Alright, these are just my guesses… what do you think? I’m not the most expert of players, so I’d really like some input on this. I’m determined to make a deck that can stand up a just a little better.

  2. Regarding the Boros Bushwacker deck:
    Having played the deck myself, I think that it is actually pretty bad. It dies out extremely quickly and doesn’t win as many games as you would like. Obviously Harm’s Way becomes pretty important in this matchup. As well, I think that White Knight should get boarded in, Because first strike can be extremely important with Harm’s Way sheningans. Obviously taking off some of the top end of the curve is desired when boarding. However, I’ve never had any troubles beating the deck when playing this soldiers list, as your draws are more consistent and you can keep up pretty easily.

    I don’t like Knight of the White Orchid because he is neither a soldier nor as board-aimpacting as other potential 2 drops. I’d rather have pro-black or vigilance on my 2 drops rather than the ability to get myself an extra land. However, I will test him, but I just don’t think he does enough.

    I am fully against putting Silence in the board, because it simply doesn’t do enough. I would definitely consider running a set of Canonists in the board, but Silence just doesn’t do it for me. It may buy us one turn, and if it does, we’re down a card. At least Ethersworn has an impact on teh board, and is also quite viable aginst the Jund matchup.

    Brave the Elements is one of the best cards in the deck. It just blows out so many opponents that it would be very hard to convince me to take it out. I am always happy to draw one, and it is one of the best ways this deck has to outright win a game. Even if your opponent’s playing multiple colours, it is still quite relevant.

    Regarding Pacifism:
    I really don’t like it. If I were to play a 2 drop removal spell I would choose Journey to Nowhere, because it does a better job of removing something like Sprouting Thrinax and anything with an activated ability. Even then though, the deck can usually get by relatively well without excess removal. It becomes a matter more of playing your removal selectively than just blasting out everything in sight. Remember that too much removal will not give this deck enough push to win as fast as it can, and I always want to be dropping threats.

    In short, if you think that your local metagame calls for the measures you described, go for it. However, personal experience has shown me that the Bushwacker matchup is in our favour to begin with, as a single Honor of the pure makes combat in your favour, and your first strikers can really win the game for you.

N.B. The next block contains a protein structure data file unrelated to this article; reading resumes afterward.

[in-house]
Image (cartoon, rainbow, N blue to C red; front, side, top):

3. i think in the sideboard devout lightcaster would be a better fit instead of white knight.

    also in the sideboard, luminarch ascension against control decks.
    and again in SB, day of judments against things like the bloodwitch and sphinx of jwar isle. it would clear the board but your deck, like you said, can recover from a sweep.
    having 3 elspeth is a bit much, i would trim to 2 for BtE or path/journey.

    this deck seems alot more control to me, idk why.
    but i would trim 1 captain, add some Knight of the white orchid for speed.

    also, only if you wanted, you can add some evasion soldiers to make it easier to hit your opponent, kor skyfisher helps with that AND mana trouble, kor aeronaught is great late game because of the kicker, and aven squire would be ok.

    i like your deck alot though because of the massive token drops which are win in most cases

  4. Looks like a great deck. Like others that have commented, I play something fairly similar to this aswell. Anything that you substitute is probably splitting hairs at this point but I do have one option that may make your Captain of the Watch more effective(assuming you’ve never thought of this option). Premminent Captain is a great card for this deck. You can cheat out your CotW 2-3 turns early and he’s a soldier to boot taking advantage of any buffs you have on the board. Just a thought.

  5. I’ve actually discontinued my efforts with this deck as of late (this article went up over 8 months ago). If you are porting this deck to Extended, yes you could use Preeminent Captain, but as this was developed for standard at the time, that wasn’t an option.

  6. Sorry bro I think you missed this bit with Kazandu Blademaster,

    “or another Ally enters the battlefield”.

    I had planned to put him and Hada Freeblade in my soldier deck but then I saw that and I nearly flipped out. obviously still a great card but there are a lot of ally cards with the same ability (not with first strike, vigilance though).

    Unless I’m completely wrong and “Soldier” types count as “Ally” to, if that is the case, WOOHOO!!!

    My original line up by the way, if anyone’s interested.

    2 Elspeth, Knight-Errant
    2 Darien, King of Kjeldor
    4 Captain of the Watch
    4 Kazandu Blademaster
    4 Elite Vanguard
    3 Preeminent Captain
    4 Sigil Captain
    4 Hada Freeblade
    4 Raise the Alarm
    3 Mobilization
    2 Spidersilk Armor
    4 Armored Ascension

    4 Selesnya Sanctuary
    2 Razorverge Thicket
    14 Plains
    4 Palace Guard
    1 Spidersilk Armor
    4 Nature’s Spiral
    3 Darksteel Plate